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Linked titles can be browsed (or ordered) from Books.





Reviews and Articles in General Publications

§ Slate Oct. 15
Timothy Noah's Chatterbox column applies the Sorting Hat from J.K. Rowling's Harry Potter books to the current presidential candidates, assigning each to one of the four houses of Hogwarts. Pat Buchanan is a Gryffindor; Elizabeth Dole is a Slytherin...

§ USA Today Oct. 14
Michael Jacobs reviews Jane Jensen's Millennium Rising (Del Rey), which actually begins in the year 2005. ''But the most important surprise is that Jane Jensen's debut novel isn't just some apocalyptic schlock meant to cash in on the Y2K panic.''

§ Washington Post Oct. 14
Mike Musgrove reviews Peter Straub's Mr. X (Random House), and isn't much impressed. ''The scariest thing about this book is what a confusing mess it is.''

(Fri 15 Oct 1999)

§ Ban Harry?
Attempts to ban J.K. Rowling's Harry Potter books from schools are growing more frequent and attracting more media attention. Here's a CNN article about it; here's a BookWire article. Parents are concerned their children will be harmed by exposure to books involving witchcraft; one is quoted by CNN: ''The books have a serious tone of death, hate, lack of respect and sheer evil''.

In Wednesday's New York Times (13 Oct.), Scholastic publisher Arthur A. Levine explains why he paid so much for rights to the Harry Potter books.

I think that the biggest lesson from the success of Harry Potter is that you need to try not to follow a trend. It's almost a cliche. You have to follow your heart. In Harry Potter, the wand chooses the wizard; and when the wand chooses you, you take it. You don't try to find which other books are selling, which ones are hot right now.

§ Los Angeles Times October 8
Kevin Thomas' review of Abel Ferrara's New Rose Hotel, based on William Gibson's short story and starring Christopher Walken and Willem Dafoe, is much kinder than the review noted last week in Village Voice.

Elliptical and stylized to the max, "New Rose Hotel" becomes primarily a chamber drama--the chambers being luxe hotel rooms in various cities around the world. It's as emotion-charged as any Ferrera film ever, yet whatever violence ensues happens offscreen. Plot counts for little--but allows for a bold experiment in structure and repetition. "New Rose Hotel" is a bravura mood piece, a fatalistic fable about a central character with the delusions of grandeur of an Orson Welles hero.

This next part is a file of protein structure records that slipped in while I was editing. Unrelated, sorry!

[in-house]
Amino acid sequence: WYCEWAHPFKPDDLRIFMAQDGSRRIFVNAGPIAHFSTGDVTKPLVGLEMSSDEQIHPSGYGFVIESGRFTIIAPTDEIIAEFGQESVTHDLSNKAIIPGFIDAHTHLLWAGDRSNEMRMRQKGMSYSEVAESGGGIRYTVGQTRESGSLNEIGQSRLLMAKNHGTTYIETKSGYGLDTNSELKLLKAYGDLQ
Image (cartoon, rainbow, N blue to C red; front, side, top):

Entertainment Weekly October 8
Meanwhile, William Gibson is profiled in an article by Noah Robischon [not online]. It says Gibson is writing the screenplay for a movie version of Neuromancer to be directed by Chris Cunningham; he's writing another X-Files episode; and the article describes his forthcoming book All Tomorrow's Parties (Putnam's). Gibson previous books are, ET-style, given letter grades ranging from A to B-.

§ New York Times Book Review October 10
Jerry A. Coyne reviews Anne Simon's The Real Science Behind The X-File (Simon & Schuster) -- not to be confused with Jeanne Cavelos' earlier book The Science of the X-Files, which the present reviewer actually prefers as ''a more thorough and accurate account of 'X-Files' science.''

Also: a short review by Mark Athitakis of Lewis Shiner's new novel Say Goodbye (St. Martin's) -- ''a fine novel about rock 'n' roll''; a review of Sylvia Yount's Maxfield Parrish: 1870-1966 (Abrams/Pennsylvania Academy of the Fine Arts); and an essay by Pico Iyer about the reality of British boarding-schools currently popularized in the Harry Potter books.

§ San Francisco Chronicle Oct. 10
Gerald Haslam reviews Carol Emshwiller's Leaping Man Hill (Mercury House), a sequel to her Ledoyt. '' 'Leaping Man Hill' is a satisfying novel, with complexities not susceptible to easy summary, as well as those quirky characters and some playful language.''

§ Salon Oct. 9
An interview with Kurt Vonnegut, and a review of the film Breakfast of Champion.

Bestseller Watch, 11 October

After one week on the LAT and SFC lists, Jonathan Lethem's Motherless Brooklyn (Doubleday), drops off.

Otherwise, very little change. Harry Potter and Stephen King's Hearts in Atlantis hold on, though the J.K. Rowling books dropped out of the top spots on Amazon's Hot 100 list last week after Oprah Winfrey promoted some diet books on her show.

Kurt Vonnegut's Bagombo Snuff Box remains #1 on the LAT list and dropped 1 to 24th at NYT.

Links to the Bestseller lists:

Amazon | Amazon UK | B&N | Borders |

(Wed 13 Oct 1999)

© 1999 by Locus Publications. All rights reserved.